Gibson Brothers join the "Brotherhood" Eric Gibson, the elder (by less than a year) of the award winning, New York-born Gibson Brothers says that the new Rounder release by he and brother Leigh, "Brotherhood," was more than a decade in the making. "It seemed like every time we'd get ready to do a new record, we'd have a batch of new songs that we felt we needed to get out there...but (Leigh) really pushed me on this... »»»
The Mavericks live up to their name When you call yourselves The Mavericks, you have a reputation to live up to. The long-running country band may have addressed that issue from the get go with "Mono," their second disc since reforming in 2011. For non-audiophiles, music is almost exclusively recorded in stereo, considered a higher quality sound. ... »»»
Presley rises above (with) "American Middle Class" Some in the mainstream country audience may only know Angaleena Presley as one of the two other singers in Miranda Lambert's side group, Pistol Annies. But to view Presley in only that limited light would be selling her severely short. For starters, Pistol Annies is a trio of extra strong female country music writers and by no means merely Lambert's side group.... »»»
Jorma Kaukonen kicks back (sort of) and comes full circle with "Ain't In No Hurry" Jorma Kaukonen has reached that stage in life where any break he takes is well earned and completely deserved. The 74-year-old singer/songwriter is a Rock and Roll Hall of Fame inductee for his work with Jefferson Airplane and his solo career has kept him busy - and fans deliriously happy - for an astonishing 41 years when he's not sometimes playing with Hot Tuna.... »»»
Second Hand Heart CD review - Second Hand Heart
Dwight Yoakam appears to be a many of mystery on the cover. With two side-by-side images of himself, the Kentucky honky tonker dons a trademark cowboy hat, jeans jacket and jacket and plucking his electric, legs spread and head pointed down. But there really is no mystery about Yoakam, who has been making music longer than some of the contemporary country acts have been alive. »»»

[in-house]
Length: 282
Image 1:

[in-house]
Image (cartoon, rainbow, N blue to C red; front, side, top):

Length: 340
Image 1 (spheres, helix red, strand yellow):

Love Somebody CD review - Love Somebody
It's been five years since her last album - 2010's "All the Women That I Am" - but the Queen of Country Music's crown hasn't lost its luster. On her 27th album, Oklahoma native McEntire adds another jewel to her tiara with her new album that covers familiar territory: strong women, the heartbreak of breakup, the determination of a broken lover starting over and the destructive and healing power of love. »»»
Something in the Water CD review - Something in the Water

Whether Pokey LaFarge's seventh album, "Something in the Water," could be called more than "retro" is a stretch. The St. Louis musician's 21st century talent shows through his performance, compositions and writing, but some things work against him in his fight to make the album timeless. »»»

Southern Gravity CD review - Southern Gravity
With a tragic stage collapse prior to a Sugarland show and a failed marriage in his rearview mirror, one might expect Kristian Bush's solo debut to be peppered with tales of regret and heartbreak. Yet "Southern Gravity" is surprisingly anything but for the other half of Sugarland, offering up a solid dose of positive vibes, heartfelt love and strong mainstream country appeal. »»»
Somewhere Down the Road CD review - Somewhere Down the Road
If anyone's waiting for Billy Bob Thornton to grow out of his music phase, some pertinent facts are in order, namely, a) he's done four solo albums to date, b) the Boxmasters, his band since 2007, are now on their fourth album, "Somewhere Down the Road," but with three double discs, it's actually seven, »»»
Small Town Dreams CD review - Small Town Dreams
Much like Springsteen and Mellencamp, Will Hoge recognizes that even the most sweeping epics are essentially borne from an individual's ordeals. Indeed, the title tells it all; "Small Town Dreams" is essentially a look at a rapidly fading pastiche, that of life in middle America, where for all the touting of an economic recovery, the struggle for survival still persists.  »»»
Southern Style CD review - Southern Style
Although opener "Homegrown Honey" has a few hip-hip sonic elements fueling it, "Southern Style" is a fairly traditional - well, as traditional as Darius Rucker can get - album. "Homegrown Honey," along with the title cut and "Half Full Dixie Cup," make a play for Rucker's Southern credentials, and for the most part support these claims. »»»
Brighter Every Day CD review - Brighter Every Day
Trout Steak Revival has found its voice. A group of Midwest transplants now firmly rooted in the Colorado High Country bluegrass scene, this five-piece band brings real songwriting craft to its third full-length release where TSR goes for the brass ring. »»»